Rugby legend Kevin Sinfield stopped short of the finish line at the inaugural Rob Burrow Leeds Marathon to carry his friend across the line.
The event, named after former Leeds star Rhinos Burrow, who was diagnosed with motor neurone disease in 2019, drew more than 12,000 participants.
It was inspired by Sinfield, who pushed his former teammate around the field in a specially adapted wheelchair.
He then lifted Burrow and carried him to the delight of the audience.
As a crowd cheered them on, Sinfield gave Burrow a kiss after joining thousands of other runners in Leeds’ first marathon in 20 years.
Spectators also lined up 26.2 miles (42.2 km) – starting and ending at Headingley Stadium – to cheer them on.
One woman told BBC Look North it was an emotional day, especially seeing two friends finish the marathon together.
Another said she was there to support her 76-year-old husband, who is running his first marathon with two prosthetic knees and four stents.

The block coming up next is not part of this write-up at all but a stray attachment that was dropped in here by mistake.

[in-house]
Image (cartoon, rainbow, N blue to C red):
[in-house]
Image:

The marathon aims to raise funds for the Rob Burrow Center for Motor Neuropathy Appeals and the Leeds Hospital Charity, as well as a range of other activities.
“The support given to the MND community through the Rob Burrow Leeds Marathon has been amazing,” said Sinfield, who has set out on her own to run fundraising challenges to support her friend.
Before the race, Sinfield thanked all the participants for “creating something really cool called Rob”.
“Today is a celebration of friendship,” he added.
By the end of 2020, Sinfield had run seven marathons in seven days, and in 2021, he’s completed the 101-mile run in 24 hours.
Speaking ahead of the big day, Burrow said: “Leeds is a wonderful city and I am so grateful for all the support the city has shown not only to me and my family, but to the event and to the whole world. MND community ministry.”
Run For All announced last month that the Rob Burrow Leeds Marathon would return in 2024 after this year’s race attendance was “overwhelming”.
Jenn Scribbins, from the Motor Neuropathy Association, said the Rob Burrow Leeds Marathon was crucial to beating the “devastating” disease.
“Six people are diagnosed every day and unfortunately there is no cure,” she said.
“What this event is doing is raising funds to get us closer to that cure.”